Statement of Intent
The Geography curriculum for Year 7-13 students at St Gregory’s Catholic School gives all students the chance to understand the world and their place in it.
Students will spark their curiosity by studying diverse places on Earth from two major perspectives.
Firstly, the physical - or natural - perspective. How do Earth’s systems determine our climate; how are landscapes changed by rivers, coasts and sheets of ice; and how do these all affect humans and other living organisms on Earth?
And secondly, the human perspective. How many of us are there; where do we live; how and why do we move; how do we interact; and how have human systems – such as economies, technology, and politics – changed our lives over time and space?
The Geography curriculum is split into four themes; two physical (A and B) and two human (C and D). Students learn this knowledge, highlighting links within and between themes. This curriculum teaches real skills such as empathy, giving students the confidence to tackle interesting problems, asking and answering inquisitive, searching questions. Students thoroughly practice their communication (written and spoken), and develop their skills of graphical presentation, analysis, judgement, and evaluation. This all supports students towards becoming articulate, informed and critical citizens capable of participating - and leading - in their lives beyond school.
The St Gregory’s Geography curriculum gives students knowledge and skills they can helpfully apply to other subject areas, all of which are used to promote the Catholic Social Teachings.
Our curriculum from Year 7-13 is structured around four headline themes:
- Will we ever know enough about nature to survive and thrive?
- How are landscapes shaped by wind, water and weather?
- How is humankind populating the planet?
- How do money, power and disease affect our lives?
Students visit these themes each year, securing and then deepening their knowledge until they reach a point of mastery where knowledge is embedded and can be applied in a variety of contexts, using different geographical skills.
Theme A: Will we ever know enough about nature to survive and thrive?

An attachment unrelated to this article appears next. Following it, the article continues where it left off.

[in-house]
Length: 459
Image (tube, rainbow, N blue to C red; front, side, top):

Students begin Year 7 exploring the UK climate and the processes in the atmosphere that drive our weather. They use this knowledge to identify potential hazards arising from changing climate patterns and the different ecosystems created by global climates. Throughout Year 8 and Year 9 students can explain the formation and evaluate the consequences caused by atmospheric hazards including tropical storms and drought. Students will explore the processes involved in shaping the earth through tectonics and the link between the structure of the earth and tectonic hazards. As students’ progress into Year 9, they build upon their previous knowledge of the structure of the earth to study the landforms found at plate margins and the movements from within the earth that create such landforms. They explore the landforms by applying case studies from both high income and low income countries and compare the responses, using their knowledge from Theme D to evaluate responses to these hazards. Knowledge from Years 7-9 lays the foundation for the GCSE topic of ‘The Challenges of Natural Hazards’ (AQA).
Theme B: How are landscapes shaped by wind, water and weather?
Students will understand the challenges associated with our changing landscape. By studying rivers, glaciers and coasts students will understand how our landscapes are dynamic and how they impact humans both socially and economically. The study of physical landscapes builds students’ knowledge so they are able to apply their knowledge and skills to the GCSE topic of ‘Physical Landscapes in the UK’ (AQA).
Theme C: How is humankind populating the planet?
As our population continues to grow, students will appreciate how the human population changes and the challenges these changes can bring. Students will begin by focusing on patterns of worldwide growth, factors affecting population change at a local to international scale and the growing importance of and drivers of large-scale human migration. As students progress into Year 9, they will explore policies that are involved in managing populations and evaluate their impacts on specific populations. They will discover how population policies have changed over time and the potential consequences of these in the future. They will plot these changes over time onto the Demographic Transition Model and develop an understanding of how a population changes over time and how these changes can cause problems in Newly Emerging Economies (NEE) and Low Income Countries. By studying relevant human issues in geography, students become global citizens who have an understanding of how history and geopolitics frame the societies in which we live. This transitions students smoothly towards GCSE and the topic of ‘Urban issues and challenges’ (AQA).
Theme D: How do money, power and disease affect our lives?
Students will study the complexity of economic development around the world and the factors that have led to these different levels of development, such as wealth, power and health. They will explore why every country in the world is at a different stage of development and the variation in quality of life this can bring. They will continue to explore the concept of globalisation and the impact this has on development with particular reference to a Transnational Corporation (TNC) in an NEE. They will assess the Sustainable Development Goals and discuss the likely success of these goals in the future. Development is multifaceted and an understanding of complex issues develops students’ knowledge ready for the GCSE topics ‘Changing Economic World’ and ‘Resource management’. Their skills of problem-solving will be developed; a crucial skill at both GCSE and A Level.